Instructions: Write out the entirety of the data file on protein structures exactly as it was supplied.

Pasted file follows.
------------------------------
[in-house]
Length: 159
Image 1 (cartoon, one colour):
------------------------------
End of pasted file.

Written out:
[in-house]
Length: 159
Image 1 (cartoon, one colour):